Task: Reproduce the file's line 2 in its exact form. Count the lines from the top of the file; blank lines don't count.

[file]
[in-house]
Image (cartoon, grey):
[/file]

Image (cartoon, grey):